New Mexico music (Spanish: música nuevo mexicana)[1] is a genre of music that originated in the US state of New Mexico. It derives from Pueblo music in the 13th century,[2] and with the folk music of Hispanos during the 16th to 19th centuries in Santa Fe de Nuevo México.

During the early 1900s, the genre began to incorporate country music and American folk music. The 1950s and 1960s brought the influences of blues, jazz, rockabilly, and rock and roll into New Mexico music. During the 1970s, the music style entered popular music in the Southwestern United States.[3][2][4][5][6]

The language of the vocals in New Mexico music is usually Mexican and New Mexican Spanish, American and New Mexican English, Spanglish, Tiwa, Hopi, Zuni, Navajo, and/or Southern Athabaskan languages.


The musical history of New Mexico goes back to pre-colonial times, but the sounds that define New Mexico music begin particularly with the ancestral Puebloans. Their music survived in the traditional songs of the Pueblo people with wind instruments such as the Anasazi flute, as well as the chants and drum beats of the Navajo and Apache.[7][8]

In Santa Fe de Nuevo México, the Hispanos of New Mexico brought Christian liturgical music, the violin, and the Spanish guitar, and Mexico brought with it the traditions of mariachi and ranchera.[9]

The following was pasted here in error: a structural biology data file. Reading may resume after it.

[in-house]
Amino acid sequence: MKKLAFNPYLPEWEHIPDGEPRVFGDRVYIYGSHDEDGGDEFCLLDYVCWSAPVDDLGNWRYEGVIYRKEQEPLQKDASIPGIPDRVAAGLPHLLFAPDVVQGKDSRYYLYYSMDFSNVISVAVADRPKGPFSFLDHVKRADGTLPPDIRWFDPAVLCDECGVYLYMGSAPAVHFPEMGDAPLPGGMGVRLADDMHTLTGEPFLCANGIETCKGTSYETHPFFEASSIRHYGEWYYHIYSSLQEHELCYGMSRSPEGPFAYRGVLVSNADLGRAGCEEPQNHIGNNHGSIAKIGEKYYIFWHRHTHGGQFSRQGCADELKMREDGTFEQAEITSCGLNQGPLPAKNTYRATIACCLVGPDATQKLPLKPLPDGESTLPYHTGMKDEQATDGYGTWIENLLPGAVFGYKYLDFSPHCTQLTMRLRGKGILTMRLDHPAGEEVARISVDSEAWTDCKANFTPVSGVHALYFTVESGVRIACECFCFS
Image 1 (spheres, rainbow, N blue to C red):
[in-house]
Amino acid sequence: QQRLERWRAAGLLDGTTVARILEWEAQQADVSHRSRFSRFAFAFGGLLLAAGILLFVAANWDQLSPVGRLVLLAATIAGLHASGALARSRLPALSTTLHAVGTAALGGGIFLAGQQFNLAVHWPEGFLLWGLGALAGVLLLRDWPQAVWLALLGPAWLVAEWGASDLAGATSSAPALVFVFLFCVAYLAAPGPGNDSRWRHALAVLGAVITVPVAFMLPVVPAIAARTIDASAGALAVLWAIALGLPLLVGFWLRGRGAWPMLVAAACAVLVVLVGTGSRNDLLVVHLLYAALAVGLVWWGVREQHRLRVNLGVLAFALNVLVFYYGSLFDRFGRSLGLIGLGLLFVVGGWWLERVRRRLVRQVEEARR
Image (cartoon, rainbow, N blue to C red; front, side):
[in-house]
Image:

After New Mexico became a territory, the people of the American frontier brought the traditions of country and Cajun music. This was when the first forms of New Mexico music began to be played. Western was an adaption of country and Cajun, accompanied by traditionally Mexican and Native American instruments.

New Mexico music is distinguished by its bouncy and steady rhythm, while accompanied by instruments common in Pueblo music, Western, Norteño, Apache music, country, mariachi, and Navajo music. Country and western music lend their drum and/or guitar style sections, while the steadiness of the rhythm owes its origins to the music of the Apache, Navajo, and Pueblo. And the differing rates of that tempo comes from the three common ranchera rhythm speeds, the polka at 2/4 (ranchera polkeada), the waltz at 3/4 (ranchera valseada), and/or the bolero at 4/4 (bolero ranchero).

After statehood, the music was sung at parties and in homes as traditional folk music, and New Mexico music grew in popularity with native New Mexicans, mostly with the Pueblo, Navajo, Apache, Neomexicanos, and the descendants of the American frontier.[10] Musicians in the genre received prominent airtime on KANW,[11] and international recognition on the syndicated Val De La O Show.[12]

Songs and musicians